Judging by their covers, Rabbi Michael Strassfeld’s just published work A Book of Life: Embracing Judaism as a Spiritual Practice (Schocken) and his earlier “The Jewish Catalog” (Jewish Publication Society) — published almost 30 years ago — couldn’t be more different. His new book is hardcover; its jacket features a traditional papercut design in deep colors, highlighted in gold, altogether very handsome. The first book, a paperback he edited along with Richard Siegel and Sharon Strassfeld, is bright red, with a do-it-yourself look.
Imre Kertesz, a Hungarian Jew who is this year’s Nobel laureate in literature, often says that he’s a medium of the Holocaust. “Auschwitz speaks through his stories,” a friend of his, the Israeli literary critic and author Shmuel Thomas Huppert, tells The Jewish Week. “His main theme is Auschwitz. He stresses the fact that first of all he’s a writer. He didn’t become a writer because he was in Auschwitz but, by being in Auschwitz, he found his major theme.”
It was like theater: A conversation about a new book seemed to turn into a live version of the book. As soon as we began talking, the two co-authors, both rabbis, were conversing as friends, but disagreeing with each other all the way.
Nobody remembers whether the Torah has ever won a book award before.
But this year’s National Jewish Book Award for non-fiction goes to “Etz Hayim: Torah and Commentary,” edited by David Lieber and Jules Harlow (Jewish Publication Society). It’s the Conservative movement’s new volume of the Torah text and commentary, the first new edition published in 70 years.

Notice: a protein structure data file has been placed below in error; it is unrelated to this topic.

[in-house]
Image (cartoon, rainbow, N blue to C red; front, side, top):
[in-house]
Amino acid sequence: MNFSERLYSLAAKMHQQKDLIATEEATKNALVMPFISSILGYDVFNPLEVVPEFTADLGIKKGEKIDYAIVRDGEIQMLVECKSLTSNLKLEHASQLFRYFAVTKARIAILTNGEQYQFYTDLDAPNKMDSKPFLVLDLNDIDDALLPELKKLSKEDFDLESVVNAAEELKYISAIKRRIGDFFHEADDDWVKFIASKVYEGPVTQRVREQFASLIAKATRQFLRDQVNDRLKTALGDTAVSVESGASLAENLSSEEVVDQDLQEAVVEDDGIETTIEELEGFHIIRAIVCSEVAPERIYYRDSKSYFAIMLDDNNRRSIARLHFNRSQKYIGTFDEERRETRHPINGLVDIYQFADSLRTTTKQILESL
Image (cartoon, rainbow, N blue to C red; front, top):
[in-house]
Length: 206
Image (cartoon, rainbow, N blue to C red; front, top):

The advent of the Sabbath has been strikingly noted in the works of Hayim Nahman Bialik, the Israeli poet Zelda, Tillie Olsen and Philip Roth too. For many Jews, a world of memories is enfolded in the familiar aroma of roast chicken or the slow dancing flames of Sabbath candles. In her new book, “The Fourth Commandment: Remember the Sabbath Day” (Harmony), award-winning writer Francine Klagsbrun explores in depth the images and symbols of the seventh day to describe its complex religious, philosophical and mystical underpinnings.
Max Apple’s people are the folks you might see having lunch at a local diner. There’s Sidney Goodman, the carwash king of Las Vegas, and Jerome Feldman, the outgoing president of the Ohio Association of Independent Pharmacists, along with others who sell scrap metal, industrial tools and trinkets. Apple has somehow eavesdropped over the leatherette booths and followed them out and into their lives, dreams and hearts.
Sam Fink loves the letters of the alphabet. He’s drawn to their forms as well as the words and sentences they create, the ideas they bring into being. A true man of letters, his talent is in using the symbols of the alphabet to make art that is grounded in words and goes beyond words.
Battery Park City is a neighborhood made from scratch. Its 92 acres sit on landfill, soil excavated during the construction of the World Trade Center in the 1960s. Atop what used to be dilapidated piers, a village of high-rise and low-rise housing, plazas, playgrounds and pocket parks has arisen, with a population of about 10,000 people.
Rabbi Jan Uhrbach is at morning and evening services every day at the East 55th Street Conservative Synagogue. That she’s the first and only woman rabbi to lead a Manhattan shul with a daily minyan is one of her many distinctive steps in a distinguished and unusual rabbinic path.
The 44-year-old rabbi, who was ordained at the Jewish Theological Seminary in 2003, joined the 150-member, 101-year-old synagogue this fall, after their leader of 40 years, Rabbi Reuven Siegel, retired.